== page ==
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Adobe Flash CS4 Professional How-Tos: 100 Essential Techniques [Paperback]

Mark Schaeffer
5.0 out of 5 stars  See all reviews (1 customer review)
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Book Description

Nov. 26 2008 9780321580047 978-0321580047 1
Users new to the software as well as veteran users unfamiliar with added features need quick access to key features and fundamental techniques. Adobe Flash CS4 Professional: 100 Essential Techniques provides users with what they need to know to start working in Flash. Each technique is presented in a self-contained unit of one or two pages so users can dive in and start working right away, unencumbered by lengthy descriptions or technical detail. For example, if readers want to know how to use Flash's QuickTime export feature, they can turn directly to that page, quickly grasp the technique, as well as pick up a few tips along the way.

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About the Author

Mark Schaeffer directs the digital media program at Chabot College in Hayward, California, where he teaches courses in Flash, ActionScript, and related topics. Prior to that, he spent 25 years as a writer, designer, and producer of educational and training materials in print, video, and computer-based media. His projects have included interactive demos for Apple and Compaq, Web pages for Levi Strauss and Kaiser Permanente, and video animation for educational publishers such as Houghton Mifflin and McGraw-Hill.

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Front Cover | Copyright | Table of Contents | Excerpt | Index | Back Cover
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Most helpful customer reviews
5.0 out of 5 stars Great Value! Sept. 14 2014
Format:Paperback|Verified Purchase
This book is very easy to read and follow. Highly recommended.
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Most Helpful Customer Reviews on Amazon.com (beta)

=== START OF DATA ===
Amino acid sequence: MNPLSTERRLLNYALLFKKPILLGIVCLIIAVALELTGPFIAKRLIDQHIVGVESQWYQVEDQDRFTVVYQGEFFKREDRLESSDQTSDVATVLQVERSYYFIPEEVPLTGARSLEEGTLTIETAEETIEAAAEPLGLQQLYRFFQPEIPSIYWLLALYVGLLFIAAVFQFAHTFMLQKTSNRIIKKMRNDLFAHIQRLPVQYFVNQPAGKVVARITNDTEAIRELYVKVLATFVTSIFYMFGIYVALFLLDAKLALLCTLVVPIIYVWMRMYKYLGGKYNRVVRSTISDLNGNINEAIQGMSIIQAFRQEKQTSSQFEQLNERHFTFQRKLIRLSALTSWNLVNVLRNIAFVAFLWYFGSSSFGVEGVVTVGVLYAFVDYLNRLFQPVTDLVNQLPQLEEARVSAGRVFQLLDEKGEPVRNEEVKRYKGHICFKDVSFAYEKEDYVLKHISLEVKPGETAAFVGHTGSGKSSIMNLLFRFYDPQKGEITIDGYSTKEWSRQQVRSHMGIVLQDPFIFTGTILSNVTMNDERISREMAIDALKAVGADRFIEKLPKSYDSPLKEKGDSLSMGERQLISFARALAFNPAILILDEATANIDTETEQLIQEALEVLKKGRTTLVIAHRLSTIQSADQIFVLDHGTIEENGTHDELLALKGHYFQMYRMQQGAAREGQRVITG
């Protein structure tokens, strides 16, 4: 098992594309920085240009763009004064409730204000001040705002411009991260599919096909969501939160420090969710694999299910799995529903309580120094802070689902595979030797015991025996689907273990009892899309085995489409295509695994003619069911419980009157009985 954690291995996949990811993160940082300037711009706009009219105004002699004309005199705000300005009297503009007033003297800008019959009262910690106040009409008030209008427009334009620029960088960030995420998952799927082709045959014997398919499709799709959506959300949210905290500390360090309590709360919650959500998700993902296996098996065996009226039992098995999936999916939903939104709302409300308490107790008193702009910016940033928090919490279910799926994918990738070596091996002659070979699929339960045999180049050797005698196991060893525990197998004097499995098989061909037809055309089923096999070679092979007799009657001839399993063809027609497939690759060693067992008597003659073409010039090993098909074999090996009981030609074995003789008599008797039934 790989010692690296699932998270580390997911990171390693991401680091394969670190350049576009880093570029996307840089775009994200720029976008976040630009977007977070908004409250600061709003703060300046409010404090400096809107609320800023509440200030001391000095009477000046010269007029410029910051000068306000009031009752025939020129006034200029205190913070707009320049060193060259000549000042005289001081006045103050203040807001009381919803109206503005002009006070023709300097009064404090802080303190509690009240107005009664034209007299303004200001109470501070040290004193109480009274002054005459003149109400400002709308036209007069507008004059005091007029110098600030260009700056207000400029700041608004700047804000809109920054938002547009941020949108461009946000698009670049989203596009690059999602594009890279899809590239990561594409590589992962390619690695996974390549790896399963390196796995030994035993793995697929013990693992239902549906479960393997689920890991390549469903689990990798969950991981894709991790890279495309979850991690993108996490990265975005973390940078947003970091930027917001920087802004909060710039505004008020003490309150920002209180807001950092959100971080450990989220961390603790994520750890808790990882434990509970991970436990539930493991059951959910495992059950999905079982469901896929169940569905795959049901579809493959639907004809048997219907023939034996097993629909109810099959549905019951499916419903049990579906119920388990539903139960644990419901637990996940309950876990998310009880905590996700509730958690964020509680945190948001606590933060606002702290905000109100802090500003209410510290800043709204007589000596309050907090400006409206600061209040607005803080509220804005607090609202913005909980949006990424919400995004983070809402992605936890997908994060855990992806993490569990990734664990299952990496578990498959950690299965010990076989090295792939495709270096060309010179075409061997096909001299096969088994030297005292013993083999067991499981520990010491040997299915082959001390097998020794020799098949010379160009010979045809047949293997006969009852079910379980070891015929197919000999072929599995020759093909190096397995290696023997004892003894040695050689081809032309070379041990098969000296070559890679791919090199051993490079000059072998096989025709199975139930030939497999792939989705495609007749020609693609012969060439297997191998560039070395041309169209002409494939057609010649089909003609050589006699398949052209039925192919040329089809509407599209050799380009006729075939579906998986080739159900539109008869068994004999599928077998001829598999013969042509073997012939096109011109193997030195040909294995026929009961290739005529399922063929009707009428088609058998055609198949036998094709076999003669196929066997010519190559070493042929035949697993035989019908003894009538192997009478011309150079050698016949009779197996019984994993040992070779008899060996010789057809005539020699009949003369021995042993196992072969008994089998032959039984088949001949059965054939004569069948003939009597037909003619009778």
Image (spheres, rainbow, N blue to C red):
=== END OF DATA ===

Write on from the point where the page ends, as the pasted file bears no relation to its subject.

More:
Amazon.com: 3.0 out of 5 stars  6 reviews
5 of 5 people found the following review helpful
2.0 out of 5 stars Weak book June 25 2009
By R. Camizzi - Published on Amazon.com
Format:Paperback
This book is WEAK. Get one in the top 100 series or the learn visually series.
3 of 3 people found the following review helpful
2.0 out of 5 stars just OK July 10 2009
By V. mac - Published on Amazon.com
Format:Paperback|Verified Purchase
By its nature this book is somewhat disjointed. It's OK as a starter for some very basic techniques but not great as a reference. It is not well indexed.
5 of 6 people found the following review helpful
3.0 out of 5 stars Book for Newbies May 12 2009
By L. Richardson - Published on Amazon.com
Format:Paperback
I was expecting more in-depth "how-tos" and definitely more on Spry. Save your money and buy the Flash Bible instead.
1 of 1 people found the following review helpful
2.0 out of 5 stars An unnecessary read June 2 2010
By Michael D. Huen - Published on Amazon.com
Format:Paperback|Verified Purchase
The author teaches a Flash Actionscript 3.0 class at a community college, so me being a student of his he made us buy his book. I found the book to be rather shallow. Even as someone who just learned Flash, many of the chapters were unneeded as long as you experimented and played around with Flash. Such an example would be the drawing tools, layers, and folders. If you already know some other Adobe programs like Illustrator of Photoshop you shouldn't have a hard time adapting; however, if you're someone who needs to be hand guided step by step this might be a nice reference.

I found many sections that weren't explicitly written, or, could have used a visual explanation. This book is really for the extreme novice, not the intermediate or expert. Even the novices might want to look elsewhere because this book will probably only last you a couple of months before you pickup the required skills. In fact I only used this book several times before switching to another.
0 of 1 people found the following review helpful
4.0 out of 5 stars great for getting productive with Flash March 22 2010
By J. Kew - Published on Amazon.com
Format:Paperback
Book Review by Pasha Parvaneh

I am a college professor and teach and write curriculum for IT courses into Print and Digital programs using Adobe Design Applications such as InDesign, Photoshop, Illustrator, Dreamweaver and Flash. In such a changing field I need to keep updated at all times to be at least one step ahead of my students.

Last time I taught Flash was the CS version. Recently I have had a contract to update the Flash CS curriculum to CS4 for a post secondary college into Graphic and Web Design 2 year Diploma Program. First, I was very uncomfortable to accept the contract for I knew many things have changed in this application and my knowledge was too outdated. Then, I found Adobe Flash CS4, Professional HOW-TOs - 100 Essential Techniques. Well this book does not come with a training video and even though the information in the book is very organized and some of the steps or the result of the lessons are demonstrated and are easy to follow; this book is more useful for those who are already familiar with Flash to some degree. Personally I am very visual and prefer learning videos (I guess Adobe has already spoiled us learning their applications using their great videos). I suggest this book to be used along with the Flash CS4 Professional, Learn by Video.
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